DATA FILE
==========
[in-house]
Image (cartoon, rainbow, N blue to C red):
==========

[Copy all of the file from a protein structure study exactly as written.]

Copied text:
[in-house]
Image (cartoon, rainbow, N blue to C red):